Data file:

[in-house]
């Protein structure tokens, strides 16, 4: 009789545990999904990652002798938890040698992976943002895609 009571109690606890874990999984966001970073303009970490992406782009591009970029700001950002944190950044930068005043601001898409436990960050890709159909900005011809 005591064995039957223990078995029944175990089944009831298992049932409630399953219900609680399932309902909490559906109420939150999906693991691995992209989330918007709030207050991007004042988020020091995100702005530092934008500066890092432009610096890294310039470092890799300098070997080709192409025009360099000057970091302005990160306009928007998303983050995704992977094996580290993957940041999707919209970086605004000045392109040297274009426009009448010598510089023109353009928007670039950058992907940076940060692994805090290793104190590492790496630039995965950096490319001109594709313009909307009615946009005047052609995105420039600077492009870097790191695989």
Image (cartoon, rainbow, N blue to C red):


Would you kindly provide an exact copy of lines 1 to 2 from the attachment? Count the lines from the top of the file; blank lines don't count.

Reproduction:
[in-house]
């Protein structure tokens, strides 16, 4: 009789545990999904990652002798938890040698992976943002895609 009571109690606890874990999984966001970073303009970490992406782009591009970029700001950002944190950044930068005043601001898409436990960050890709159909900005011809 005591064995039957223990078995029944175990089944009831298992049932409630399953219900609680399932309902909490559906109420939150999906693991691995992209989330918007709030207050991007004042988020020091995100702005530092934008500066890092432009610096890294310039470092890799300098070997080709192409025009360099000057970091302005990160306009928007998303983050995704992977094996580290993957940041999707919209970086605004000045392109040297274009426009009448010598510089023109353009928007670039950058992907940076940060692994805090290793104190590492790496630039995965950096490319001109594709313009909307009615946009005047052609995105420039600077492009870097790191695989």